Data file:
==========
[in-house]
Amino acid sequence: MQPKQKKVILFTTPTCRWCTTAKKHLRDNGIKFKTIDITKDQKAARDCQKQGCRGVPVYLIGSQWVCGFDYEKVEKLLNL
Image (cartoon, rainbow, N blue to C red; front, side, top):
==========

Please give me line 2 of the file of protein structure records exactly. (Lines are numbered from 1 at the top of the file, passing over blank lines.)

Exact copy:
Amino acid sequence: MQPKQKKVILFTTPTCRWCTTAKKHLRDNGIKFKTIDITKDQKAARDCQKQGCRGVPVYLIGSQWVCGFDYEKVEKLLNL